I’ll end with a plea to the AP: It is never too late to do the right thing and apologize.

The AP will never apologize if their moralistic defense is any indication of their plans.

In the current case, Mr. Lyon of the A.P. said there was a “healthy discussion” within the organization about distributing Ms. Jacobson’s photo. “The decision we came to was that — as a journalistic imperative — the need to tell this story overrode some of the other considerations,” he said. “Of course, we appreciate the anguish of the family of this marine. Of course, we appreciate the sacrifice that he made for his country. At the same time, there’s a compelling reason to show the real effects of this war. Sanitizing does everyone a disservice, in my view. Limiting casualty counts to numbers and names and nothing else; that’s a very incomplete picture of what’s going on.”

Journalistic imperative.  That means that if we really, really, really, really, really want to violate our contracts, we can.  One or two or even three really’s just won’t do it.  It requires more unction than that.

Gates begged on behalf of the family, and Tom Ricks asks why the AP couldn’t have waited a few more months.  Jules advises sticking to deals with the exception of extraordinary circumstances.  Gates, Crittenden and Ricks are all justifiably outraged at publication of the photo, but none go far enough.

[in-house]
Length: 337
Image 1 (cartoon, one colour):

The agreement embedded reporters sign is that casualties not be specifically identifiable personally or with regards to a unit.  The agreement stipulates that coverage may be conducted:

… as long as the service member’s identity and unit identification is protected from disclosure until OASD-PA [Office of the Assistant Secretary of Defense, Public Affairs] has officially released the name. Photography from a respectful distance or from angles at which a casualty cannot be identified is permissible.”

The last clause stands on its own.  Embedded reporters may not publish photos prior to notification of the family, and also may not publish them even after notification if the terms of the agreement are violated, i.e., if the casualty or the unit can be identified.  I’m not a lawyer, but (unfortunately) I spend some time in the code of federal regulations for certain obnoxious reasons, and this is simple and straight-forward.  This is not even moderatly difficult with respect to the legalities.

The rules are in place specifically to prevent the situation in which the family found themselves.  The DoD, thankfully, doesn’t leave it to journalists to judge the appropriateness of a photo.  This judgment is already made, and the rules follow the same pattern of priority as Gates’ plea.

Don’t get me wrong.  I support embedded reporters, and I support the idea that we should see scenes of war.  This is the national burden during times of war, but the burden is so far less than that borne by the families that the rules have been crafted to protect them rather than the journalists.